Aunt Becky revisits morals after allegedly bribing college admissions


Emma Lin ('20)

The Webb Schools’ college guidance sign points towards the office.

Remember the 1993 episode of Full House where Aunt Becky and Uncle Jesse argue about whether they should forge information onto their twin boys’ applications to ensure their admittance to a prestigious preschool? 26 years later, the episode has become an unfortunate reality.

On March 12th, Lori Loughlin, who is known for playing ‘Aunt Becky’ on Full House, and her husband, Mossimo Giannulli, fashion designer, were accused of bribing the University of Southern California with over $500,000 to recruit their two daughters as members of the crew team. The couple is just one of the many who were involved in the scandal.

A great majority of the families involved all used the same middle man, William Rick Singer, who is CEO of a college consulting company called The Key Worldwide Foundation. Singer helped students cheat on the SAT or ACT and bribed college coaches to admit students into their team, even if they had never competed in the sport, at the cost of hundreds of thousands of dollars.

However, in 2018, Lori Loughlin’s daughter, Olivia Giannulli, who goes by Olivia Jade on her YouTube channel, posted a Q&A video (the original video has since been deleted from her channel) and replied to a question about college. She said, “I don’t know how much of school I’m gonna attend but I’m gonna go in and talk to my deans and everyone, and hope that I can try and balance it all. But I do want the experience of like game days, partying…I don’t really care about school, as you guys all know.”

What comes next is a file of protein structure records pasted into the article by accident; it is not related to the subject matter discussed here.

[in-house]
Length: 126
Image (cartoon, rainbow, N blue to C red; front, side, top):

Although she posted an apology video a few weeks later, the YouTube personality received a lot of hate from fans who said that she was ungrateful and undeserving. The scandal only made matters worse. Her Instagram and YouTube channel were quickly flooded with thousands of comments with even more hate, and her sponsorships with Sephora and TRESemmé were subsequently terminated. Both Olivia and her older sister, Bella, will not be returning to USC.

At Webb, students are also burdened with the pressures of attending an elite university. Our school is known for its high admission rate to prestigious colleges and universities. Fortunately, no Webb students or alumni were involved with the scandal.

Nick Johnson (‘19), who participates in Webb track and field, football, and basketball, said, “As a student athlete, I feel like it’s very unfair. We work really hard, so it’s really discouraging to see that someone who is wealthier than you can just pay $500,000 and get into a school where you’re trying to go and chase your dreams to be a professional athlete.”

Hector Martinez, Dean of College Guidance, said, “I think colleges and universities are going to be more alert to things that will potentially cause a red flag to pop up instead of assuming that whoever is giving the information to them is being 100% honest. I still think colleges and universities have to have trust in the coaches. If that trust is broken, it’s very damaging and very hurtful in the field of education.”

The college admissions scandal is not only unethical, but also proves to our community that further action needs to be taken in order to prohibit another scandal from transpiring in the future. Webb teaches us the importance of honor, fairness, respect and responsibility. However, the real world does not usually reflect the same morals that we live by. Hopefully, this scandal will reveal the true effects of ignoring the proper way to apply to university and serve as a wake-up call for next year’s wave of applicants.